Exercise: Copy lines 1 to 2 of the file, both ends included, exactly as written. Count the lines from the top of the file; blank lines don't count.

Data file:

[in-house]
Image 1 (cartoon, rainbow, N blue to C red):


[in-house]
Image 1 (cartoon, rainbow, N blue to C red):